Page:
SharePoint & OneDrive: How Safe Is Your Data In The Cloud?
Privacy is a fundamental human right in this digital age, and the user should be able to question how their data is being handled. In the past few years, Office 365 products like SharePoint and OneDrive has become a significant platform for enterprise organizations to store their data. We are talking about gigabytes of content which the organizations used to store behind a firewall, which is now being uploaded to the cloud. Even though some companies are still using the SharePoint on-prem solution, who are too stubborn to move to SharePoint Online because they think it is not safe, well, the fact is an on-prem solution also is vulnerable to cyber-attacks.
It is your choice of whether to choose on-prem or online, many comparisons have been made between them, and the pros and cons are on both sides. Read up on the differences between SharePoint Online and on-prem. SharePoint Online is completely run on the cloud, all your data is on the cloud, even though you are the owner of your data, in a cloud, you are giving it to a third party to manage and safe keep. In this case, that party is Microsoft.
It is only logical that you question the safety and integrity of your data in the cloud. To answer that question. Before answering that question you need to understand that, the responsibility for the safety of your data is mutual, yes Microsoft has strong security measures put in to store your data, but you, the owner of the data has to take necessary steps in keeping the data safe. In this blog, we will be discussing these two parts. First, let us look at how Microsoft handles our data?
How Microsoft handles your data?
Your data is protected in transit and at rest by Microsoft. Once data starts from clients, into service, and between datacentres, it is encrypted using the best methods by Microsoft. These encryption methods include SSL/TLS connections. Data is further secured from any disaster at datacentres by moving the data between datacentres.
The data at rest in Microsoft datacentres are protected at a high-level clearance. Firstly, there is the physical protection. Access to datacentres is limited to authorized personnel only, and this personnel is verified with multiple factors of authentication, this includes access cards and biometrics. Further, the datacentres are under 24×7 surveillance by security officers, rigged with motion sensors, CCTV the datacentre is basically a secure fort. Even if someone decided to access your data at rest, their first challenge would be to find the datacentre, since Microsoft does not disclose their location, and then go through all those levels of security.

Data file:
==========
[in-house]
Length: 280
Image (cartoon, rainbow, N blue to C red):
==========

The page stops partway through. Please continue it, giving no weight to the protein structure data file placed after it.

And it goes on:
Secondly, the network protection, with a dedicated Azure Directory domain, your networks, and identities are isolated from the Microsoft Corporate network. Then there is application security, all the features that are being developed follow the security development lifecycle. The automated and manual of the applications for vulnerabilities. The incoming vulnerability reports and evaluation of any possible mitigation is handled by the Microsoft Security Response Centre. There is also a Microsoft Cloud Bug Bounty program, where you can earn money by reporting vulnerabilities. Read more about this at Microsoft Cloud Bug Bounty Terms.
Content Protection, the content at rest is protected using BitLocker disk-level encryption and per-file encryption. BitLocker encrypts all data on a disk while per-file encryption takes it a step further by including a unique encryption key for each file. Additionally, every update to every update to every file is encrypted using its own unique key. This unique key is stored in a physically separate location from the original content. You can read more about these encryption methods for content at rest, in SharePoint Online and OneDrive for business Data Encryption.